The blank and then panicky looks back at me told me I was way, way wrong -- that not everyone knows about this enchanting crime series, and most of the people "my age" who first hear about a series set in Laos rummage desperately through their rusty memories of the 1960s and 1970s, trying to recall where Laos was in relation to the Vietnam war, and whether the conflict demolished Laos, and how guilty they should feel.
Stop right there! Yes, Laos and Cambodia are the west-side neighbors of Vietnam. But Colin Cotterill's series begins in 1975, when the Communists have taken over the country and 72-year-old surgeon Dr. Siri Paiboun is abruptly appointed national coroner. His adventures have little to do with wars and invasions, other than the very political ones often aimed at his impromptu morgue. And they have everything to do with the small group of people who gather around him, work with him, hold him in high esteem, love him ... including Nurse Dtui, and the woman who becomes Siri's wife, Madame Deng. The eight books THE WOMAN WHO WOULDN'T DIE have celebrated the small triumphs of humor and integrity in a corrupt city, and the willingness of friends to help each other. As they resolve crimes that have brushed against the morgue operations, Dr. Siri and his friends also make the most of Lao life and food and tradition. And if Dr. Siri appears in some sense haunted by many of the spirits whose bodies have crossed paths with him, it's mostly an amused and tender sort of haunting.
Book nine, THE WOMAN WHO WOULDN'T DIE (Soho Press), takes a startling new direction. Dr. Siri's official career is ending: He must accept retirement, which suddenly looks like a mixed blessing after all. Still he has a final assignment, one that includes a highly successful witch/fortuneteller. A bit unmoored by his life changes, he determinedly takes his wife, Madame Daeng, along with him to investigate the circumstances of the ba dong's supposed death and resurrection and the problems she is stirring up within the political leadership, some distance up river.
But there's another surprise coming. Early in the book, we learn this:
Madame Daeng was also owed a great deal by the old men in power. She had been in Vietiane only one year. In that time she had pursued and wed Dr. Siri, established the most popular noodle shop in the capital, and helped to solve a number of mysteries that had baffled many. The sixty-seven-year-old had skills far more reaching than the perfect combining of a few spices and herbs. Hers was a secret past that few in the capital knew of.During the course of Dr. Siri's investigative work, his wife records her own memoir, opening up the secrets of the years before her marriage. And just in time -- because a long-running threat from her own past is catching up with her. At issue: Will Dr. Siri be too consumed by his fascination for the witch, the "woman who wouldn't die," to notice the danger to his own wife?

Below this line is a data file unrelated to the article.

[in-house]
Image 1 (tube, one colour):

Sweet, funny, and with a delightful quick pace and quirky details, this ninth Dr. Siri mystery captures the affections and loyalty that make life worthwhile -- in the Lao countryside and cities, or elsewhere. Series fans will enjoy appearances and disappearances by tranvestite Auntie Bpoo and Crazy Rajid, as well as the detective assistance of Siri's friend Comrade Civilai.
Will there be tenth Dr. Siri book? Hard to say -- the ending of this one doesn't make a sequel mandatory. And while exploring Colin Cotterill's blog is a fantastic adventure, there are no promises on it. But whether or not another appears, readers who haven't yet found their way to this series are in for a treat -- and the rest of us can always start reading the Dr. Siri books again from the beginning. It's one of the most enjoyable items on my list of things to do next winter!